BP Plc on Monday appealed a federal judge’s finding of the size of the 2010 Gulf of Mexico oil spill, which leaves the company potentially liable to pay $13.7 billion in fines.
In January, U.S. District Judge Carl Barbier in New Orleans ruled that 3.19 million barrels of oil had spilled into the Gulf as a result of the disaster. A determination that less oil was spilled would likely translate into a lower fine for the company.
“Because this act of Congress conflicts with established executive branch procedures and cuts short thorough consideration of issues that could bear on our national interest – including our security, safety and environment – it has earned my veto.”
With those words, the president returned the Keystone pipeline authorization act (S.1) to the Senate unsigned, and challenged lawmakers to find the two-thirds majorities in both houses needed to enact the law without his approval, something that remains unlikely.
U.S. climate negotiators have told their Canadian counterparts that Canada’s plan to cut carbon emissions could be one of the factors that President Barack Obama weighs as he considers whether to approve the Keystone XL pipeline, a U.S. official said.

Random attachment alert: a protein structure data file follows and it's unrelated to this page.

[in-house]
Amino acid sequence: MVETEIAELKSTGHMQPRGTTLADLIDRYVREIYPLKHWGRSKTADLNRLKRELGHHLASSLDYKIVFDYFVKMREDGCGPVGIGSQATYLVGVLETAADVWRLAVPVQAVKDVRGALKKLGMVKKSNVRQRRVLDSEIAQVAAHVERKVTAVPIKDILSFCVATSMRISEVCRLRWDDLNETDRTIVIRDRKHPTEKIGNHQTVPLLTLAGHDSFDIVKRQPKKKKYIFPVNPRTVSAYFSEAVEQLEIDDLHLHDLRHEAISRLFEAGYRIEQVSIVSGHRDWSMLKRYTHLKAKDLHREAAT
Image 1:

The U.S. hasn’t suggested it might approve the $8 billion proposed project in exchange for climate commitments, the official said. Canada is developing a proposal as part of United Nations-sponsored talks aimed at cutting carbon emissions that governments were encouraged to submit by next month.
President Barack Obama may decide to kill Keystone XL for good, but that could be no easy task — thanks in part to the North American Free Trade Agreement.
The 21-year-old free-trade pact allows foreign companies or governments to haul the U.S. in front of an international tribunal to face accusations of putting their investments at risk through regulations or other decisions. The CEO of Keystone developer TransCanada has raised the prospect as a potential last resort if Obama rejects the $8 billion project, although for now the company is focused on getting him to say yes.
The House Oversight Committee is investigating the Obama administration’s ongoing process to review the proposed Keystone XL pipeline.
Committee Chairman Jason Chaffetz (R-Utah) asked Secretary of State John Kerry Tuesday to send him everything the State Department received from other federal agencies for its ongoing determination of whether Keystone is in the United States’ “national interest.”
Barack Obama’s veto of Keystone XL has placed the export pipeline for Canadian tar-sands crude on its deathbed. Earlier in February, the Environmental Protection Agency revealed that Keystone could spur 1.37 billion tons of excess carbon emissions — providing the State Department with all the scientific evidence required to spike the project, permanently. If the news has cheered climate activists across the globe, it also underscored the folly of Canada’s catastrophic quest, in recent years, to transform itself into a dirty-energy “superpower.”